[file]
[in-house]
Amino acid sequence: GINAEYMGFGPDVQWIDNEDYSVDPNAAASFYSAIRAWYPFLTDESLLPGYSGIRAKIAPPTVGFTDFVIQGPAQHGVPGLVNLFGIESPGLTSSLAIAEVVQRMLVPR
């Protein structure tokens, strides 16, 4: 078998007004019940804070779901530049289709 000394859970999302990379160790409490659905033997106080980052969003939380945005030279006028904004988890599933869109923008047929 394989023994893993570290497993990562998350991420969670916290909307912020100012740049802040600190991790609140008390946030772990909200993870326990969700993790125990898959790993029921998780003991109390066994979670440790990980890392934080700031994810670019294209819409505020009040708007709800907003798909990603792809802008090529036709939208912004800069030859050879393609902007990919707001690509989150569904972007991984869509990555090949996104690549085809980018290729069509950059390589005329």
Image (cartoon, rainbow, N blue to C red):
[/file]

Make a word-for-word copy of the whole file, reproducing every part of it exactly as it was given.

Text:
[in-house]
Amino acid sequence: GINAEYMGFGPDVQWIDNEDYSVDPNAAASFYSAIRAWYPFLTDESLLPGYSGIRAKIAPPTVGFTDFVIQGPAQHGVPGLVNLFGIESPGLTSSLAIAEVVQRMLVPR
């Protein structure tokens, strides 16, 4: 078998007004019940804070779901530049289709 000394859970999302990379160790409490659905033997106080980052969003939380945005030279006028904004988890599933869109923008047929 394989023994893993570290497993990562998350991420969670916290909307912020100012740049802040600190991790609140008390946030772990909200993870326990969700993790125990898959790993029921998780003991109390066994979670440790990980890392934080700031994810670019294209819409505020009040708007709800907003798909990603792809802008090529036709939208912004800069030859050879393609902007990919707001690509989150569904972007991984869509990555090949996104690549085809980018290729069509950059390589005329």
Image (cartoon, rainbow, N blue to C red):